Spanish dermatologists performed a modelingin order to estimate the potential impact of COVID-19 lockdowns on 5- and 10-year survival of melanoma patients. Using the growth rate of a random sample of 1,000 melanomas to model estimates of tumor thickness after various delays, coupled with American Joint Committee on Cancer survival data for different T stages, they estimated that 5-year survival would be reduced from 94.2% to 92.3% with a 90-day delay in diagnosis, and that 10-year survival would drop from 90.0% to 87.6%.
But that’s merely modeling. Francesco Ricci, MD, PhD, and colleagues from the melanoma unit at the Istituto Dermopatico dell’Immacolata, Rome, have provided a firstat the real-world impact of the lockdown. In the prelockdown period of January through March 9th, 2020, the referral center averaged 2.3 new melanoma diagnoses per day. During the Rome lockdown, from March 10th through May 3rd, this figure dropped to a mean of 0.6 melanoma diagnoses per day. Postlockdown, from May 4th to June 6th, the average climbed to 1.3 per day. The rate of newly diagnosed nodular melanoma was 5.5-fold greater postlockdown, compared with prelockdown; the rate of ulcerated melanoma was 4.9-fold greater.
“We can hypothesize that this may have been due to delays in diagnosis and care,” Dr. Hartman commented. “This is important because we know that nodular melanoma as well as ulceration tend to have a worse prognosis in terms of mortality.”
The mean Breslow thickness of newly diagnosed melanomas was 0.88 mm prelockdown, 0.66 mm during lockdown, and 1.96 mm postlockdown. The investigators speculated that the reduced Breslow thickness of melanomas diagnosed during lockdown might be explained by a greater willingness of more health-conscious people to defy the shelter-in-place instructions because of their concern about a suspicious skin lesion. “Though it is way too early to gauge the consequences of such diagnostic delay, should this issue be neglected, dermatologists and their patients may pay a higher price later with increased morbidity, mortality, and financial burden,” according to the investigators.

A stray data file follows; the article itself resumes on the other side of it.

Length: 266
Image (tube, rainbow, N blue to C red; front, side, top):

Dr. Hartman observed that it will be important to learn whether similar experiences occurred elsewhere during lockdown.
Another speaker,, said he has seen several melanoma patients referred from outside centers who had delays of up to 3 months in sentinel lymph node management of T2 and T3 tumors during lockdown who now have widespread metastatic disease.
“Now, is that anecdotal? I don’t know, it’s just worrisome to me,” commented Dr. Kirkwood, professor of medicine, dermatology, and translational science at the University of Pittsburgh.
, professor of surgical oncology at M.D. Anderson Cancer Center, Houston, recalled, “There was a period of time [during the lockdown] when we weren’t allowed to do certain elective procedures, if you want to call cancer surgery elective.”
“It’s too soon to talk about outcomes because a lot of patients are still in the process of being treated after what I would consider a significant delay in diagnosis,” the surgeon added.
An audience member asked if there will be an opportunity to see data on the damage done by delaying melanoma management as compared to lives saved through the lockdown for COVID-19. Dr. Ross replied that M.D. Anderson is in the midst of an institution-wide study analyzing the delay in diagnosis of a range of cancers.
“In our melanoma center it is absolutely clear, although we’re still collecting data, that the median tumor thickness is much higher since the lockdown,” Dr. Ross commented.
Dr. Hartman said she and her coinvestigators in the Melanoma Prevention Working Group are attempting to tally up the damage done via the lockdown by delaying melanoma diagnosis and treatment. But she agreed with the questioner that the most important thing is overall net lives saved through shelter-in-place.
“I’m sure that, separately, nondermatologists – perhaps infectious disease doctors and internists – are looking at how many lives were saved by the lockdown policy. So I do think all that data will come out,” Dr. Hartman predicted.
She reported having no financial conflicts regarding her presentation.
Global Academy for Medical Education and this news organization are owned by the same company.
SOURCE: Hartman, R. Cutaneous malignancies forum.